Mission Dei: Building the Kingdom
Our Public Relationships Part II
September 27, 2017
Dear Christian Friends,
We are in the final of a four week journey through our annual theme, Missio Dei: Building God’s Kingdom. We have defined a mission as a purpose that orders and directs us toward a certain goal, as opposed to just sort of aimlessly wandering through life taking up time and space with no particular destination in mind. That our God has always been on a mission, is on a mission in this very hour, and will be on a mission until His Second Coming is indisputable. The Father sent the Son, on the Day of Pentecost both the Father and the Son sent forth the Holy Spirit, and from that day forward, the Spirit of God dwells in us and sends us to do God’s will in each and every relationship we have. Three weeks ago we focused on our mission to our intimate circle, two weeks ago our mission to our personal circle, last week to our social circle, and today to our public circle.
Answer #1 to the question of what God’s love looks like when we take our private convictions into the public circle is that it looks like rain and snow accomplishing the purposes for which they were (sent). According to the Hartford Institute of Religion Research, more than 40 percent of Americans “say” they go to church weekly. As it turns out, however, less than 20 percent are actually in church.
Research like that makes us wonder how it can be true that God’s Word isn’t returning to Him empty. How can it be true that God’s Word is achieving what He pleases and is successful in the thing for which He commissioned it? The answer to those questions is that God’s ways are higher than our ways and his thoughts are deeper than our thoughts. That’s another way of saying that our assignment is to work hard at planting the seeds of God’s Word, to work hard at watering and fertilizing and cultivating the tender plants, and to trust God to do the growing and providing of harvest.
A more encouraging survey comes to us from the Billy Graham Center, which surveyed 2000 unchurched Americans. Five insights from that research may surprise you. 1) Most have some church background. 2. Most quit church because they got out of the habit of going. 3. One third have plans to go to church in the future. 4. The unchurched are very open to a gospel conversation- 47% would definitely interact freely in such a conversation and another 31 % say they would listen carefully without participating. 5. If you invite them, they will come. 55% said they would come if invited by a family member, 51% if invited by a friend.
The kingdom of God looks like three Christians responding on FB to NFL controversy- 1) Players should be fired and I’m never watching NFL again, 2)President Trump is an idiot, and we need to get rid of him. 3) I wonder how we can both respect our country and address the issues of police brutality and racism at the same time.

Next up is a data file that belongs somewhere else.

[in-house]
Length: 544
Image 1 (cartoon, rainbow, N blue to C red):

Answer #2 comes from Romans 10, It looks like conversations and actions seasoned with (grace).
Paul said it this way to the Colossians, “Walk in wisdom toward outsiders, making the best use of the time. Let your speech always be gracious, seasoned with salt, so that you may know how you ought to answer each person.”
The kingdom of God is like three Christians who post on Facebook today 1) One posts her favorite recipe 2) One posts a right wing news article which blasts away at liberals 3) One posts a left wing news article which blasts away at conservatives, and 4) One posts with tears in her eyes about the devastation in Puerto Rico and wonders how we can pull together and help.
Which leads us right into the third answer to the question of what God’s love looks like when we take our private convictions out into the public circle.
It looks like citizens disagreeing without being (disagreeable) The Pharisees were about as disagreeable as you could be in the day of Jesus. The opening verse of our Gospel lesson reads, “Then the Pharisees went and plotted how to entangle Jesus in his words.” In these verses, the Pharisees join forces with their opponents the Herodians to try to destroy Jesus. They imagine they will throw Jesus off guard by flattering him with words of praise. Should God’s chosen people the Jews pay taxes to an evil government or not?
When Jesus answers that we should give to Caesar whatever belongs to Caesar and to God whatever belongs to Him, He is focused on the big picture instead of the various pieces of the puzzle. We are to be loyal and obedient both to the secular and the spiritual authorities. As we take our private convictions out into the public arena, we do well to remember how broad and how deep and how high and how everlasting is the love of our God for us. He loved us by creating us wonderfully and marvelously and with purpose in the first place. He loved us by redeeming us with his very own body and blood. He loved us by placing His Spirit inside of us in the waters of Holy Baptism. He loved us by instituting government, church, and marriage all with distinct purposes. And in our texts for today, he invites us to think about what it means to be citizens in both earthly and heavenly kingdoms.
Bernard Meltzer was a radio talk show host who offered advice to callers on a show called, “What’s Your Problem?” He had this to say about working through our disagreements with others, “If you have learned how to disagree without being disagreeable, then you have discovered the secret of getting along - whether it be business, family relations, or life itself.
Worship Sermons & Letters